People will look at you with all kinds of looks. Be ready to interpret them as their wonderment. Because that is often what it is. Or shock. Or impressed. Or simply hearing about something they didn't know was possible, so they need a minute to think. They might even be speechless. I'm sure you've seen it all now. Let them take it all in, and offer to answer any questions they might have. I find that they usually have a bunch of questions and the conversations end up being really fun.

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Your responses/inspirations are heart warming. I walk a little prouder now.


All I can give is from a personal standpoint. I just turned 70. Much like your dad I have always been very active physically & mentally, even having my own business in medical research.

I will have my transplant 3 yrs 11/4 and have done really great. Able to do everything I did before dialysis (hemo). I did not have HBP or diabetes which may be why his kidney had problems? So I feel if he could get that controlled it would decrease his risk for problems afterwards- something to discuss with his dr.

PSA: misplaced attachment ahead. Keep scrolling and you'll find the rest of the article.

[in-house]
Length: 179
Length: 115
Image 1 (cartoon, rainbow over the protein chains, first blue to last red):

If you are wanting to donate to him I’d suggest you visit with his dr since he/she would know his condition and probably have a good idea as to the outcomes.

I will say, my dr says he wishes all his pts were as diligent as I am because I do everything by the book and yet I know there are still risks.


You my friend are a true hero in every respect as are all the other donors. It is the ultimate gift. My brother gave me one of his kidneys 31/years ago so I know.